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Nerve Pain Post Cesarean Delivery

We have a current patient with abdominal pain immediately following her cesarean delivery - one WEEK post delivery to be exact! We typically do not see women this soon postpartum unless they are having symptoms, and this woman definitely was.


She presented three days after her Cesarean delivery. This was her third C section, and recovery from her previous two had been no problem at all. Since her delivery she was having sharp, stabbing, 10/10 pain in the left lower portion of her abdomen. She went to see her O.B. who cleared her scar and ensured there was no infection, and sent her to us. (The perfect course of action, might I add. The answer here is NOT to "wait and see if the pain goes away.")


The patient admitted she was nervous to go to PT because she could barely walk. She couldn't pick up her new baby girl, could barely go to the bathroom without pain. She was nervous we were going to put her through the ringer in the gym! But luckily she came, and after one visit has cut her pain in half.


The first visit consisted of gentle massage and manual therapy to her abdominal muscles. Because she was only three days post delivery at the time of this visit, she had steri strips on her scar. We typically recommend gentle touch around the scar up to 6 weeks PP. Then once the scar is fully healed and cleared, we can begin touch and gentle massage on the scar. Our PT also encouraged the use of a TENS unit ( Linked here ).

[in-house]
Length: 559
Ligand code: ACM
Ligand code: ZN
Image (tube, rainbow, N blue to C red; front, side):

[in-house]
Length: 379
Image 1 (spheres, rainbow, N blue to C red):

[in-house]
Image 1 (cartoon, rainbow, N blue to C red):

The nerves that supply the abdomen and groin start in the mid/lower spine, wrap around to the front of the body and continue down towards the vulva/groin. This group of nerves are typically the ones to be irritated post cesarean. We can use a TENS unit for pain relief along the pathway of these nerves. In this particular patient, we used TENS electrodes placed as pictured below in white squares: to the midback at the level of your bottom rib, and directly on the area of pain on the abdomen.


The patient was encouraged to use the TENS unit daily, along with ice to her abdomen. You should not use a TENS unit if you have any of the following:


  • Cardiac pacemaker or difibrillator

  • Spinal stimulator for pain or otherwise

  • Numbness or decreased sensation to area where you will place the TENS

  • Diabetic neuropathy

The patient did this consistently over the weekend and returned the following Monday with signifciantly less pain. Amazing! Her next session we continued massage along her painful areas, and began doing very gentle deep core activation and deep breathing. This will help her low back feel more supported during the day, and will keep that irritated nerve happy with gentle movement and good blood supply. As her pain continues to decrease, we will do less manual therapies and progress her towards core exercise.


The thing we cannot stress enough about this patient is - get here sooner rather than later! Sharp, intense pain is not normal following a Cesarean. If you have any of these symptoms, be sure to call your OB and your physical therapist as soon as it starts. If this patient, or her OB, had let the pain drag on without intervention, it would be a much longer fix.






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